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How do I change the inner HTML element?

Changing the inner HTML element allows you to dynamically update the content of an HTML element on a web page. This can be useful for creating dynamic and interactive web pages that change content on the fly without having to reload the entire page.

What is Inner HTML?

The inner HTML of an HTML element refers to the HTML content within that element. For example:

<div id="myDiv">
  This is the inner HTML

The inner HTML of the div element above is “This is the inner HTML”.

Changing the inner HTML allows you to modify this content dynamically.

Why Change Inner HTML?

There are several reasons you may want to change the inner HTML of an element:

  • To update content on a page without reloading
  • To dynamically display new information as it becomes available
  • To implement interactive UI elements like accordions, tabs, popups, etc
  • To swap out images, text, videos, etc on the fly

By changing the inner HTML with JavaScript, you can create web pages that change and adapt to user input and interactions for a smooth and dynamic experience.

How to Change Inner HTML

There are a few different ways to modify the inner HTML of an element with JavaScript:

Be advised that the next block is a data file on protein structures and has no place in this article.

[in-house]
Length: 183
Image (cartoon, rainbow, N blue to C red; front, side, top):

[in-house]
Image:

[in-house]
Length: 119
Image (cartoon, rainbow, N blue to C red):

innerHTML Property

The simplest way is to use the innerHTML property:

document.getElementById("myDiv").innerHTML = "New content!"; 

This finds the element with id=”myDiv” and sets its inner HTML to the new string “New content!”.


The insertAdjacentHTML() method allows you to insert HTML content into an element:

let newContent = "<p>This paragraph is inserted</p>";

document.getElementById("myDiv").insertAdjacentHTML('beforeend', newContent);

This would insert the newContent HTML into the end of the myDiv element.


The document.write() method allows you to write HTML content into the page:

document.write("<h2>New Heading</h2&gt");

This would directly write a new H2 heading onto the page.

Note: document.write() can cause issues if used after the page has finished loading.

Full Example Changing Inner HTML

Here is a full example demonstrating how to change the inner HTML of an element:

<!DOCTYPE html>

<div id="myDiv">
  <p>Original paragraph</p>

  // Change inner HTML using innerHTML property
  document.getElementById("myDiv").innerHTML = "New content!";
  // Insert HTML using insertAdjacentHTML
  let newParagraph = "<p>A new paragraph!</p>";
  document.getElementById("myDiv").insertAdjacentHTML('beforeend', newParagraph);
  // Directly write HTML using document.write
  document.write("<p>This paragraph is written directly</p>");


This example shows:

  • Changing the inner HTML completely using innerHTML
  • Inserting new HTML content with insertAdjacentHTML()
  • Writing direct HTML using document.write()

Which results in this output:

New content!

<p>A new paragraph!</p>

<p>This paragraph is written directly</p>

The original paragraph is replaced, a new paragraph is inserted, and a paragraph is written directly onto the page.

Inner HTML Use Cases

Some common use cases for modifying inner HTML include:

Dynamically Updating Content

You can update text, images, videos, etc on a page by changing the innerHTML as needed:

let img = document.getElementById("headerImg");
img.src = "new-header.jpg"; 

This would swap out the header image without reloading the page.

Creating Interactive Elements